Navy electronic warfare experts needed arbitrary waveform generators (AWGs) — electronic test and measurement instruments that generate repetitive or single-shot electrical waveforms — for Navy and U.S. Marine Corps electronic warfare systems designed to detect and defeat improvised explosive devices (IEDs). They found their solution from the Aeroflex Inc. Test Solutions segment in Cupertino, Calif.
The Naval Surface Warfare Center (NSWC) Crane Division in Crane, Ind., awarded Aeroflex Cupertino an $11.5 million contract Tuesday for AWGs and AWG components to support expeditionary electronic warfare systems development at Crane.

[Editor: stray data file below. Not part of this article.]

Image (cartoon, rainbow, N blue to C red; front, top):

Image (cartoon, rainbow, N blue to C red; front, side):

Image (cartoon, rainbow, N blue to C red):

Electronic warfare experts at NSWC Crane’s Ground Expeditionary Electronic Warfare Division perform research and development on counter-IED technologies. AWG test instruments generate electrical waveforms based on an internal or external trigger source. Designers then can inject the resulting waveforms into a target device to test and analyze its progress through the target device. AWGs can generate any arbitrarily defined waveshape.
These kinds of devices are particularly important for counter-IED devices because they can mimic IED trigger devices — typically cell phones, garage door openers, or a similar simple electronic device that generates an RF signal. AWGs also can help counter-IED systems designers fine-tune the performance of their systems.